If you have a product idea before enrolling in a bootcamp, be sure to ask the staff how things will play out legally. Drew Sing, who manages Growth at Bloc, says "With Bloc, our students retain all ownership of their code and Capstone Project. We want to help enable students to build exceptional projects with the development skills they learn at Bloc, not to retain ownership of the hard work they've put in to creating awesome products."
If you’re learning at an in-person coding bootcamp and decide to work on the project with a group, will they continue working with you after the bootcamp is over? These are things to consider!
At an online coding bootcamp like Bloc, your mentor may be your best asset, both for technical advice and inspiration.
Alyssa Ravasio, a graduate of Dev Bootcamp and founder of HipCamp, points to advice from Steve Huffman, the cofounder of Reddit and Hipmunk, who presented to her cohort: “Every week Dev Bootcamp would bring in speakers and I’d ask the same question, ‘I’m just learning to code for the first time but I really want to start a company; what do you think I should do?’ Steve said, ‘Does it solve a problem you have? Is it a problem other people have? And will people pay you to fix it?’ I said yes, and he told me: ‘Yes, yes, yes, yes…go for it, start the company, don’t look back. If you run out of money you can always get a job later.’ And that’s exactly what I did. I definitely owe Steve for that dose of inspiration.”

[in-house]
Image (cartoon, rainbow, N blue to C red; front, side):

Some bootcamps, like Wyncode and Venture University, are geared towards entrepreneurs. Others put tons of emphasis on placing their students in junior developer jobs. If your goal after graduation is to start your own business instead of interviewing for jobs, be honest and upfront with the bootcamp (your interview is the perfect time to bring up these goals). If not, you could clash during the course.
Sure, you have a great idea that will someday be complex and fully-functional, but be realistic about your goals at the bootcamp. Do you want to graduate with an MVP or prototype to show investors? Or an iterated, fully-built product? If you start as a beginner, be realistic about your final project after 12 weeks. After all, an MVP can be exactly what you need to ramp up your business. As Wired points out, “by proving he was serious by creating a prototype, [Eliam] Medina was able to convince [his technical cofounder] to take the plunge and join an unproven startup.”